I ask this question of Christians [*]: What do we mean when we say "Christian"? Who is Christian, and who isn't?

The question is not merely one of how to apply a provisional category, as might be the question "What is a chair, and what isn't?" The ways the phrases "Christian" and (more potently) "not Christian" are used bear huge weight - principally because we wield the latter as a weapon. Consider such oft-uttered sentences as, "I don't think he can really be considered Christian." "Is the author Christian?" "Ever since she stopped being Christian..." "That's not a very Christian attitude."

There are many possible definitions of the term. For instance:

  1. A Christian is anyone raised in a Christian cultural context.
  2. A Christian is anyone who, when asked if a Christian, would say yes. (I call this the "Census Bureau" definition.)
  3. A Christian is anyone who, when asked if agreeing to a certain set of doctrines (e.g. the Apostle's Creed), would say yes. (This is in keeping with the original purpose of a creed - to ease the process of sorting true believers from heretics.)
  4. A Christian is anyone belonging to a certain sect (i.e. denomination) or one of a set of sects. (Many Protestants exclude Catholicism or Eastern Orthodoxy, such as a girl in my high school youth group who "converted a Catholic to Christianity". Some sects are well beyond "not Christian", into the realm of "cult".)
  5. A Christian is anyone having been baptized, perhaps in some particular style, at some particular phase of life, or into some specific sect; or otherwise having gone through some initiation ritual.
  6. A Christian is anyone who has prayed the sinner's prayer, i.e. accepted Jesus into her heart, i.e. been born again. A possible further condition (dependent on the specific doctrine) is that she must not have subsequently "fallen from grace".
  7. A Christian is anyone who is a member of God's chosen elect. (This definition is perhaps the least useful since no one can agree on the sure indications of a member.)
  8. A Christian is anyone who studies Jesus and puts his teaching into practice.
  9. A Christian is anyone who behaves like Jesus.
  10. A Christian is anyone bearing good fruits, such as the fruits of the spirit described by Paul: love, joy, peace, patience, kindness, goodness, faithfulness, gentleness and self-control. (No diseased tree can bear good fruit, according to the Sermon on the Mount.)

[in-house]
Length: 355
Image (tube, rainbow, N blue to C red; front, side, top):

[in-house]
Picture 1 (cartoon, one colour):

You can see how, testing a person against each definition, the outcomes vary considerably.

Consider Gandhi. Neither raised in a Christian cultural context nor belonging to a Christian sect. He did not agree with the doctrines of the Apostle's Creed. When asked if a Christian, he responded, "Ask the poor. They will tell you who the Christians are." He studied Jesus, put his teaching into practice, and yielded all the fruits of the spirit. Like Jesus, he was at once tender and austere; and like Jesus, he was martyred. Was Gandhi a Christian?

Consider George W. Bush. Raised Episcopal, converted to the United Methodist Church. He claimed his leadership to be guided by God, frequently quoting the Bible in his speeches. He started multiple wars, seeming to indicate a lack of love, peace, patience (AKA forbearance), kindness, and gentleness. Unlike Jesus, who taught forgiveness and gave himself over to death for the salvation of others, Bush worked to hunt down and kill the guilty, even with the "acceptable loss" of bystanding civilians. Is George W. Bush a Christian?

Now, those are of course over-the-top examples - just be glad I didn't use Hitler - but they serve well to illustrate the point. While there are certainly senses in which it's useful to call Bush a Christian and Gandhi not, in other cases the labels belong the other way around. What obviously applies for them still applies, less obviously, for everyone else. And so, if we're going to use the phrases "Christian" and "not Christian" to - all in one casual statement - denote a person's salvation/damnation status, legitimacy or illegitimacy as a teacher/role model, and status as our Brother or not, we had better use them in full consciousness.

[*]Good luck identifying the actual intended audience of this post!